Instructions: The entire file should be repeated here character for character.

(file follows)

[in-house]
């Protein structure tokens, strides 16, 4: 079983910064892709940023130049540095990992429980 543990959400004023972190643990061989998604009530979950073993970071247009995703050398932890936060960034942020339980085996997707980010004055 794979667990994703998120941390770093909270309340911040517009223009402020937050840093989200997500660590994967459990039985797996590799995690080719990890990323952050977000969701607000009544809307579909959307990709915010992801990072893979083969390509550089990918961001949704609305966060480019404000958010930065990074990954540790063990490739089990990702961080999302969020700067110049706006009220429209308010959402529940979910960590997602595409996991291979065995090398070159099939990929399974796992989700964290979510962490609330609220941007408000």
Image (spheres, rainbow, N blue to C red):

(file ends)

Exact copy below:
[in-house]
């Protein structure tokens, strides 16, 4: 079983910064892709940023130049540095990992429980 543990959400004023972190643990061989998604009530979950073993970071247009995703050398932890936060960034942020339980085996997707980010004055 794979667990994703998120941390770093909270309340911040517009223009402020937050840093989200997500660590994967459990039985797996590799995690080719990890990323952050977000969701607000009544809307579909959307990709915010992801990072893979083969390509550089990918961001949704609305966060480019404000958010930065990074990954540790063990490739089990990702961080999302969020700067110049706006009220429209308010959402529940979910960590997602595409996991291979065995090398070159099939990929399974796992989700964290979510962490609330609220941007408000």
Image (spheres, rainbow, N blue to C red):